Boeing shares rise after report that a bird strike may have caused 737 Max crash

• The Wall Street Journal says some U.S. aviation officials believe a bird strike may have caused a Boeing 737 Max to crash in March

• The Ethiopian Airlines jet went down less than five months after another 737 Max crashed in Indonesia.

• The two crashes killed 346 people and prompted aviation officials around the world to ground the planes in March.

David Ryder | Bloomberg | Getty Images

The nose of a Boeing Co. 737 MAX 9 jetliner sits during production at the company’s manufacturing facility in Renton, Washington.

Boeing shares rose Tuesday after a Wall Street Journal report said U.S. aviation officials believe a bird strike may have caused the crash of a 737 Max in Ethiopia in March.

The fast-selling Boeing 737 Max airplanes have been grounded since shortly after that accident, which came less than five months after a similar crash in Indonesia. Together, both crashes killed a combined 346 people.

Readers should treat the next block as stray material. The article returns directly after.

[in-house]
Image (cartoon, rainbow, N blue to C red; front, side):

Boeing shares were up 2.1% in premarket trading.

Crash investigators have indicated that bad sensor data triggered an anti-stall system aboard the Ethiopian Airlines Boeing 737 that went down shortly after takeoff in March, a similar scenario to a crash of the same type of plane in Indonesia in October. The system automatically pushes the nose of the plane down if it perceives the aircraft is in a stall, the normal way to recover from such a position. That can be fatal if the plane is not in a stall, however.

Boeing 737 Max crash in Ethiopia may have been caused by birds, WSJ reports

U.S. aviation officials think a bird strike is the likely culprit in erroneous sensor data that fed the anti-stall system in the Ethiopian Airlines crash, according to the Wall Street Journal report, which cited sources familiar with the crash investigation.

This is breaking news. Please check back for updates.

Source: cbnc


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